The showcase event of this year's Vancouver International Dance Festival, Dairakudakan's Mushi no Hoshi (Space Insect) concluded its two night run at the Vancouver Playhouse last evening. Founded and led by Akaji Maro, who studied with the legendary Tatsumi Hijikata (together with Kazuo Ohno, one of the pioneers of butoh as a form), Dairakudakan is one of the oldest and most respected butoh companies in Japan. The company brought its latest evening-length creation to VIDF, an epic blending of the ancient and the futuristic that, like all great works of butoh, is about animating metamorphosis--both in terms of image and in terms of movement. In the case of Mushi no Hoshi there was an added thematic resonance to butoh's traditional post-atomic, in extremis somatic concerns, as movies from Them to Starship Troopers have repeatedly reminded us that if any creatures are going to survive--and even thrive--after a nuclear apocalypse, it's insects.
Thus, on a set dominated by one large central and four smaller surrounding platforms encircled by long vertical poles (suggesting at once wind chimes and prison bars), the piece begins with a scene entitled "End of Days." The full company, which numbers more than 20, moves automaton-like in a circle around the main platform; each dancer is clad in street clothes, though their exposed limbs and faces are covered in butoh's signature white chalk. Sliding one leg forward, and then the next, while bending in the opposite direction at the waist, the shell-shocked group slowly progresses in a circuit. At a certain point, one of the women turns to face the audience, opening her eyes and mouth in horror, before falling back in line with the onward march of the group. Each of the other dancers will greet us in a similar manner, their individual expressions of distress or stupefaction variations on a collective trauma. Eventually pairs of dancers will break out of the group and join each other inside the enclosed main platform, adopting poses or executing repetitive movements suggestive of extreme agitation.
Following a brief blackout we are immediately transported to the world of our insect visitors, with five men in the company emerging from the wings on all fours; they wear overturned teapots on their heads and rope girdles wrapped around their waists. The effect is comic, but in a suitably disturbing way; the point is that they look alien, and whether dancing upright with jazz hands on crawling about the stage on the tips of their fingers, the sense images these dancers convey can't help insinuating themselves with a shudder into one's own body. Especially when five women from the company seem to be imprisoned within the platforms, at once guarded and baited by the men in teapots, as well as by four apparent overlords--distinguished by the fact that we can see their faces and they wear rope epaulets (my favourite detail among all the brilliant costuming effects). Soon, however, the women are freed by a sage-like figure who is very visibly coded as from another era, and who will return at various crucial points throughout the piece.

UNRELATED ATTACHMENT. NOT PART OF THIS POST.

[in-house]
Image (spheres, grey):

At first, based largely on this opening establishment of Mushi no Hoshi's "insect zone," I was wont to see Maro as reinscribing various traditional gender hierarchies--binaries which, in the insect world, don't always pertain in the ways they still unfortunately do among most human societies. But the women will get their revenge on the men, as when, in a stunning sequence involving a series of swooping butterfly nets, the mesh from the nets descends upon the heads of the men. As for Maro himself, he plays an enigmatic and deliberately gender-ambiguous central figure who emerges from a downstage pupa-like sandbox every now and then to show us the successive stages of his transformation--which are only partly, I would argue, about the fluid spaces between male and female. Maro's character will eventually end up inside the central platform dancing a duet with a fearsome and powerfully resistive woman who somehow transcends her apparent sacrificial status, the viscera of her body turned outward on her all-white dress--a scabrous badge of honour, and an indictment, rather than a victimizing wound.
In a show filled with amazing visual tableaux, Maro saves the best for last: the full company, now caked in shiny silver body paint, and with their faces covered by mesh cloths, emerging as a chorus-line, their twisted arachnid-like homogeneity offset by the distinguishing facial self-image that each of them wears around their necks. It's an ending entirely appropriate to the story Maro is telling, but also to butoh as a form: for underneath the white body paint each dancer is encouraged to find and express his or her own distinct movement vocabulary.